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Police crisis management, command systems said to be in disarray at time of crowd crush

All News 11:37 November 03, 2022

SEOUL, Nov. 3 (Yonhap) -- Facts and circumstances revealed one after another after last Saturday's tragic crowd crush in Seoul seem to indicate that police's crisis management and command systems were in a mess at the time of the unfolding disaster.

Police's emergency response system, including the handling of urgent calls for help and the command reporting system, did not appear to function properly hours prior to the accident that has claimed at least 156 lives, according to the circumstances disclosed so far.

About a dozen emergency calls made to the police's 112 emergency hotline to warn of the dangerous size of the Halloween crowd in Itaewon and even people on the verge of suffocation were virtually disregarded.

Police and administrative authorities were supposed to make decisions quickly to cope with the crisis, but their command reporting system seemed to work slowly and inefficiently.

Yoon Hee-keun, head of the National Police Agency, bows in apology during a press conference at the agency's headquarters in Seoul on Nov. 1, 2022, over the crowd crush in Itaewon. (Yonhap)

Yoon Hee-keun, head of the National Police Agency, bows in apology during a press conference at the agency's headquarters in Seoul on Nov. 1, 2022, over the crowd crush in Itaewon. (Yonhap)

According to the interior ministry and police, the police's 112 emergency call center received its first call for help at 6:34 p.m. Saturday from a person who said people are likely to be crushed to death due to a crowd surge.

In South Korea, people can call the police for help by dialing 112 or the fire department at 119 in emergencies.

Thereafter, police received 10 more emergency calls from Itaewon until 10:15 p.m., and eight of them were classified as urgent ones that require immediate police mobilization.

But police officers were actually dispatched to the scene in response to only four of the 11 emergency calls, and they did not actively intervene to control the crowd.

The 11th caller also reported an emergency, saying, "I think I'll be crushed to death," but police finished the call after classifying it as a situation where assistance is not needed.

The crowd crush appeared to begin about four minutes after the 11th call.

Police asked the Seoul Emergency Operations Center, which handles 119 emergency calls, to respond to two of the 11 calls at 8:37 p.m. and 9:01 p.m., but the center explained it did not send rescue workers there after both of the callers said an ambulance was not needed.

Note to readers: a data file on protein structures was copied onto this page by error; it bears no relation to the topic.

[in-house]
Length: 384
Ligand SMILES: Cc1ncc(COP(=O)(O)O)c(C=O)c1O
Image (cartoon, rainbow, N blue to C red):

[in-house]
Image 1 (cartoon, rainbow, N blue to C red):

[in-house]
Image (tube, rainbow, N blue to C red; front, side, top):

The 119 hotline center said it received its first call for help from Itaewon at 10:15 p.m., which said about 10 people were crushed. The 119 center then stepped up its crisis response level by three notches at 10:43 p.m., 11:13 p.m. and 11:50 p.m., respectively.

While the crowd crush was under way, however, reports from the scene to the police headquarters were incomprehensibly delayed, according to police data.

The chief of Yongsan Police Station, which oversees the Itaewon district, arrived at the disaster scene at 10:17 p.m., but the chief of the Seoul Metropolitan Police Agency received his first report on the crisis at 11:34 p.m. All told, the Seoul police chief became aware of the crowd crush one hour and 21 minutes after it occurred.

Moreover, the Itaewon situation was reported to Yoon Hee-keun, chief of the National Police Agency (NPA), 48 minutes later at 12:14 a.m. Sunday. At that time, some media agencies were already reporting several dozens of people suffered cardiac arrest in Itaewon.

Minister of Interior and Safety Lee Sang-min, who oversees the police, first learned of the accident at 11:20 p.m. Saturday through a text message from his own ministry, rather than a direct report from the police.

President Yoon Suk-yeol received his first report on the accident at 11:01 p.m. via the Korea Fire Service and the presidential office's situation room.

Taken together, the circumstances indicate the interior minister recognized the occurrence of the disaster 19 minutes later than his superior, President Yoon. The NPA chief also learned of the accident 54 minutes later than his superior, Minister Lee.

The inefficient command reporting system eventually led to the delayed police response to the crisis. Police officers began to control traffic in Itaewon beginning at 11 p.m. to secure access roads for ambulances, and the Seoul police chief began his field command at 12:25 a.m. Sunday.

NPA chief Yoon began to preside over an emergency meeting of police commanders at 2:30 a.m., when the death toll was already exceeding 100 in Itaewon.


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